Thanks to their low maintenance nature, zinnias are a perfect candidate for new gardeners and, coming in such a wide range of colours, shapes, and sizes, they are easily one of the most popular plants in the UK.
If you are keen to join thousands of other gardeners in planting zinnias but aren’t sure where to start, this article is for you.
What are zinnias?
Part of the sunflower tribe within the daisy family, zinnias are easy to grow annuals. This means they’ll grow for one season and, though they produce seeds, once they’ve died back the original plant will not grow again.
Zinnias are recognisable by their long solitary stems and daisy-like flowers. They are often used as symbols of endurance because they bloom from mid-summer all the way until frost.
Why we love zinnias
Zinnias really have so much to offer, and there are many reasons why gardeners choose to include them in their gardens year after year:
- They’re super easy to grow from seed.
- They’re also easy to care for and maintain, making them perfect for gardeners at any level.
- They spoil you with bold and vibrant colours.
- They add interest to your garden with their many shapes and sizes.
- Zinnias are ideal for growing in containers, making them a superb way to brighten up your patio or decking.
- They also thrive in hanging baskets as well as borders and beds.
- They are beloved by bees and butterflies and other essential pollinators.
- Thanks to their gorgeous colours, they are also beloved by children and are a great starter plant to introduce kids to gardening.
- They make stunning cut flowers and will fill any room with their cheerful vibes.
Types of zinnias
There are hundreds of species of zinnias which can be broken down into four main categories, determined by how many rows of petals they have:
- Single flowered – these zinnias have a single row of petals, and the centre of the flower is exposed.
- Semi-double flowered – these zinnias have several rows of petals, and the centre of the flower is visible.
- Double flowered – these zinnias have several rows of petals, but the centre is hidden by petals and not visible.
- Cactus flowered – these zinnias have long petals which roll towards the underside and, as a result, the entire petal twists forming a pretty and quite unique flower.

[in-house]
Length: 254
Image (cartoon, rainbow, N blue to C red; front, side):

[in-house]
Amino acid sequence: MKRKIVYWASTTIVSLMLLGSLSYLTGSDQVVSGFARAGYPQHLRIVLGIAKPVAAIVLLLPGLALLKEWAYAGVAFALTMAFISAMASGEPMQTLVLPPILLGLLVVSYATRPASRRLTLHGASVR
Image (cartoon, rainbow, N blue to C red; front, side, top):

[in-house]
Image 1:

Within these categories, zinnias are also defined by their size and spread; there are compact miniature types as well as tall, long cutting types. Some zinnias are tall with large flowers, whilst others tend to spread and have small flowers. There are also combinations of the two.
As you can see, there are a lot of options when it comes to zany zinnias, and you might be unsure where to start when picking the right ones for your garden. That’s why we have picked out some of our favourite types to help you get started.
As the name would suggest, these zinnias sport striking purple, double flowers and but also have a snazzy, lime-green centre. This characterful variety is perfect for informal settings and pair beautifully with plants that have long grassy foliage.
Growing to a height of 90cm and with a spread of up to 20cm, these are an ideal option for the front and middle of sunny borders.
Purple prince zinnias will best grow in full sun in well-drained light or sandy soil and will flower from June through to the end of October.
This cheerful zinnia comes in a range of colours, including bi-coloured petals in shades of red and yellow. Growing to a height of 30cm and a spread of 20cm, this variety is perfect for borders, but also make wonderful container plants. Great for even the most modest-sized gardens.
Swizzle zinnias will thrive in full sun exposure and well-drained soil. They are rich in nectar, making them a firm favourite among bees and other pollinators.